Common Objection #4: They Need Help Selling Internally

How to handle: Offer to prepare a custom deck to present to key decision-makers/their colleagues. You can offer for them to present the slides in front of you first, and then fill in any information gaps they might have. Giving them a list of FAQs and a contact, if not your own, to use if further questions might arise from colleagues that they don’t know how to answer. 

 

progression of helping a client prep a internal sales presentation

Common Objection #5: They’re not the Decision Maker

How to handle: Simply get their help to find the real decision-maker. This could even be getting the information of the next up in the chain of command, who can connect you with the actual decision-maker. Someone in their network, if not them themselves, will have the right contact. If they are unwilling to help connect you with the decision-maker, still get their contact. Getting an “in” with anyone in the company is better than letting go of a connection, you never know if they could become useful to you in the future.

 

Common Objection #6: They’re Looking for Feature X

How to handle: Do you offer that? If so, clarify that. If not, understand why they want feature X. Maybe your tool can still address those needs in a different or even better way. Get to the heart of their needs and pain points. It’s possible they are actually looking for your feature, just under a different name or package, and don’t even know it.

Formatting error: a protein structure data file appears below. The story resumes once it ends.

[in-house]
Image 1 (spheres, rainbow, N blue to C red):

“Listening, probing, peel back the onion until you are as clear as you can be on the objection and then respond” -David Watson, Sales Leader @ Aviso 

 

Common Objection #7: They’re Shopping Around

How to handle: Let them know of any limited-time deals or offer an estimation or demo. This lets them get a feel of their options and better execute comparisons while attempting to push the sale. Setting it up this way lets the potential customer continue to assume the power of decision-making and not feel like they are being pressured into a sale. 

 “Something drove them [the prospects] to explore solutions in the first place, and that will only go away by making a change. The only decision worse than a bad decision is indecision” -Mike Masiello, Sales Leader @Aviso 

 

If you made it this far, congratulations! You now know, if you didn’t already, how to counter 7 of the most common objections you’ll run across while trying to make a sale. Often you won’t get just one objection at a time and might even get a combination of them. Senior sales leaders and colleagues in your field are likely to have run across these objections many times before themselves and will be able to give specific tips and tricks utilizing the principles above. Don’t be afraid to ask sales aficionados in your network to be guinea pigs for your presentations. Ask them to object as much as they can, so you can practice proper handling practices. Happy handling! 

 

Looking for more content on growing your sales skills set? Check out our article on sales coaching or our guide to the top 10 sales books to read.